- When something is important enough, you do it even if the odds are not in your favor.
- Persistence is very important. You should not give up unless you are forced to give up.
- Failure is an option here. If things are not failing, you are not innovating enough.
- Optimism, pessimism, f*ck that – we’re going to make it happen.
- It’s OK to have your eggs in one basket as long as you control what happens to that basket.
- You want to have a future where you’re expecting things to be better, not one where you’re expecting things to be worse.
- Brand is just a perception, and perception will match reality over time.
- Great companies are built on great products.
- Some people don’t like change, but you need to embrace change if the alternative is disaster.
- Work like hell. I mean you just have to put in 80 to 100 hour weeks every week. [This] improves the odds of success.
As much as possible, avoid hiring MBAs. MBA programs don’t teach people how to create companies.
Really pay attention to negative feedback and solicit it, particularly from friends. … Hardly anyone does that, and it’s incredibly helpful.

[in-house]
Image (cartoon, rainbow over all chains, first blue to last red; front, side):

Being an entrepreneur is like eating glass and staring into the abyss of death.
People work better when they know what the goal is and why.
I think it is possible for ordinary people to choose to be extraordinary.
I think you should always bear in mind that entropy is not on your side.
I think most of the important stuff on the Internet has been built.
If you get up in the morning and think the future is going to be better, it is a bright day. Otherwise, it’s not.
“I think it’s very important to have a feedback loop, where you’re constantly thinking about what you’ve done and how you could be doing it better.”
“I don’t believe in process. In fact, when I interview a potential employee and he or she says that ‘it’s all about the process,’ I see that as a bad sign. The problem is that at a lot of big companies, process becomes a substitute for thinking. You’re encouraged to behave like a little gear in a complex machine. Frankly, it allows you to keep people who aren’t that smart, who aren’t that creative.”
“I’m interested in things that change the world or that affect the future and wondrous, new technology where you see it, and you’re like, ‘Wow, how did that even happen? How is that possible?’”
“There are really two things that have to occur in order for a new technology to be affordable to the mass market. One is you need economies of scale. The other is you need to iterate on the design. You need to go through a few versions.”
“Work like hell. I mean you just have to put in 80 to 100 hour weeks every week. [This] improves the odds of success. If other people are putting in 40 hour workweeks and you’re putting in 100 hour workweeks, then even if you’re doing the same thing, you know that you will achieve in four months what it takes them a year to achieve.”